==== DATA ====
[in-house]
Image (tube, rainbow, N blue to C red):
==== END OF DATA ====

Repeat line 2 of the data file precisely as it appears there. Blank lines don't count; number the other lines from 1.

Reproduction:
Image (tube, rainbow, N blue to C red):